When they are working in the pick-and-roll together, both players are at their best—both are in motion. Howard isn't clogging up driving lanes for Harden, and Harden isn't standing on the perimeter with his hands on his shorts, waiting for the ball to come back out to the perimeter.
If you need an example of just how devastating this combination can be, check out the video below:
Harden's ability to penetrate demands aggressive pursuit by his defender and a significant hedge by Howard's.
Once Howard catches the ball, his strength and agility are far too much for the back line of the defense. If the Miami Heat play Harden any less aggressively, he's charging into the teeth of the defense and getting to the basket or drawing a foul.
Simply put, the Howard-Harden pick-and-roll makes the best use of both players' offensive abilities.
Position shooters like Patrick Beverley and Trevor Ariza around the one-two punch, and these pick-and-rolls become even more deadly.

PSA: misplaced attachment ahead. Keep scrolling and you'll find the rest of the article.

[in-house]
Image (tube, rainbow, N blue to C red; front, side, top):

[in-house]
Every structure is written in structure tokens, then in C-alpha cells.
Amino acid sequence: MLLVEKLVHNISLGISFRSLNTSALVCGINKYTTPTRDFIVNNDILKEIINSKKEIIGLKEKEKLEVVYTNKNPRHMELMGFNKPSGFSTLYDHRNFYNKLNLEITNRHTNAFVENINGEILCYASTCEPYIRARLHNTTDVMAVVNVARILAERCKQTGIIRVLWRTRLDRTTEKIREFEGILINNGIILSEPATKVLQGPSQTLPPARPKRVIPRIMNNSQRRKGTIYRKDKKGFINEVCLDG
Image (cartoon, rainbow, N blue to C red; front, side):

Unfortunately, just saying the Rockets should run more Howard-Harden pick-and-rolls isn't as simple as it sounds. Howard's preference for being stationed in the post is well-known.
He has often restated this preference as way to help get his teams back on track, which he did to Jonathan Feigen of the Houston Chronicle in the middle of their playoff series with the Portland Trail Blazers last season:
We have to play inside out, play their bigs and make it a long night for those guys. I have to demand the ball, get it and go to work.
We have to go right back at him. You have to make him play defense and make him use his energy on defense. Make him have to run around and guard.
His teammates seemed to be on the same page as well. Chandler Parsons echoed roughly the same sentiments to Feigen.
"We have to dump the ball down for him. He has to make plays. He’s had a lot of success against (Robin) Lopez. We have to keep feeding him the ball. That doesn’t mean we have to slow down. We want to get out in transition and run," he said.